Where have I been? In America!

I have had some major life changes, including dh moving to the states to work, and me and kids staying here in Egypt. And that is not all! Anyway, I went a little out of my head, and took a trip to the states without the kids. They stayed with their Quran teacher.

I traveled Egypt Air. To be honest, I have always looked down a bit on airlines from third world countries, preferring the European Airlines for international travel. But Arab carriers tend to be cheaper, and since we’re not rich, I have tried a few, including Air Morocco, and Tunisian Airlines. Egypt Air was pleasantly surprising. Unlike Moroccan and Tunisian Airlines, there was no alcohol being served. Mashallah, the dua for travel was made by the pilot, and flashed on a screen for passengers. That felt really good, to travel with people who believe that success in anything, including travel, lies with the Lord of the world.

I’ve spoken with people who won’t travel with European carriers, cause they don’t want to travel with ‘kaafirs’, but for me it’s always been a safety issue.  And as far as I’m concerned, you can’t tell any outward difference between the Europeans lines and the ‘muslim’ ones (except Egypt Air).  Well, mashallah, Egypt Air has been around for 75 years, they were the seventh carrier in the world and the first in Africa.  I don’t know how they rate for safety, but that is noteworthy experience. The only down side was that my luggage was lost.  I shopped til I dropped for clothes/toys for the kids (partly to make up for leaving them in Egypt). and they were really disappointed.  Alhamdulillah, I got a call at 4am two days after my arrival, and they had my stuff!  All of it!  And they delivered it to my door.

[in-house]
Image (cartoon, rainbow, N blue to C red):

America was a bit of a shock.  All that stuff, and for cheap!  Walmart!  Dollar Stores!  Dunkin Donuts!  There was too much to choose from and I couldn’t possible get a taste of everything I’ve been missing.  Seeing my dh was the best part.  He had everything waiting for me, red roses, chocolates, even TWIZZLERS, LOL!  12 days just was not enough time, especially when I had to meet with friends and family.  Also had a very interesting experience taking my drivers test (to renew) with an Indian named ‘George’. 

No problem going through US Customs, alhamdulillah.  Was waved right through.  This was my first time traveling  alone internationally so I was confused switching over to my connecting flight, but alhamdulillah made it.  For the first time I was asked to remove my niqab in America!  I’m used to it in Egypt, but usually they’ll get you a woman.  I did have one male officer who insisted I lift up my niqab, but he was probably curious (or miffed) because I insisted I am originally from America.  I always get that, going in or out of a muslim country.  First, where are you originally from.  Me: America.  No, originally, originally.  Me: America.  Where is your father from?  Me: He’s American too.  They finally give up and hand the passport back, after insisting on seeing my face (they want to make sure I am a REAL American?).